The future of farming?

How do we remove CO2 from the atmosphere in large quantities? One of the best ways to accomplish this would be to engineer a coordinated global transition from industrial agriculture back to ecological or organic farming. To do this, we have to reconnect people with an ecologically advanced, locally based, food system. How do we do this? What techniques are known to work? What models are already available? How do we get involved? 

#agriculture
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Michal StefanowSome pictures from the shop at Boom Festival: http://imgur.com/a/FjOO4

I've seen most of the documentaries... And yet I need to admit - I'm not a vegan - I accept responsible use of animal produce.

As always I believe in driving forces behing economy - https://en.wikipedia.org/wiki/Agricultural_subsi… - maybe we can stop subsidising sugar? Currently it's dirt cheap and added to everything... 

Waiting for the first country (potentially some island on Pacific Ocean) that will recognise that CO2 coming from farming is major contributor to global warming and raising sea levels... That country will make meat illegal and set a precedence - will it happen before 2020?

Alex Freitas"responsible use of animal produce"? let me just stop you right there. structurally speaking, there is no responsible way to produce or consume animal products without lab-grown animal products. Some companies that are fighting for this next agricultural revolution would be New Harvest, SuperMeat, and Modern Meadow. Though, alone they are hopeless. They won't grow fast enough to make a difference if they dont integrate with a militant movement against climate change and our economic status quo.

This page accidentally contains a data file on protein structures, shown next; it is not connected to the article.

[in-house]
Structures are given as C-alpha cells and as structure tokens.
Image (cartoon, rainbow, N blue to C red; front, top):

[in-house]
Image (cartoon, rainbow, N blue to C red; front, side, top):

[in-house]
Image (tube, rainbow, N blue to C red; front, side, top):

Blisscott RootsA couple of models...

When Cuba stopped receiving subsidized trade from the Soviet Union and had to make a major agricultural shift, they set up what they called 'Lighthouses', a network of agricultural learning stations. Those campesinos still farming traditionally were brought in to teach workers from the large industrialized farms and education was made available about organic and agroecological methods. The previous large farms were in many cases broken down in to smaller farmer co-ops run by the agricultural workers.  An effort was made to take middle-men out of the sales and transportation of food products and connect buyers directly to farmers.

"Sustainable Agriculture and Resistance: Transforming Food Production in Cuba", Fernando Funes
https://books.google.ca/books?id=U0FgAAAAMAAJ&q=…

In Russia there is over 50% of agricultural products (by economic value) being produced on small garden plots.  Some regions offer citizens land with conditions such as building it up to 70% forest cover.  See my article at RealitySandwich for more information:
http://realitysandwich.com/788/call_ringing_ceda…

Daniel PinchbeckHi Blisscott, thanks for these links. 

Stephen NallyTo Alex Freitas .Hmm.. "let me just stop you right there" reeks of zealotry - something I think Daniel is trying to avoid.

Animals are an important part of a complex ecosystem, which is required to sustain the biosphere and reduce carbon dioxide. Think 100 million buffalo on the Great Plains before the European settlement. Plants grow better when fertillised with animal waste. Again think the symbiotic relationship between the grass and the buffalo on thr great plains. But then if you have buffalo, a top predator is required  to maintain diversity and keep numbers from exploding, or the buffalo will destroy their own ecosystem. The Native Americans fulfilled this role. So there was a balanced ecosystem on the great plains before 1492. Anyway there are no simple answers, and global veganism if practiced not holistically will just lead to fossil fuel sustained monocultures. If you or anyone is open minded, check out this video. 

https://www.ted.com/talks/allan_savory_how_to_gr…

Peace

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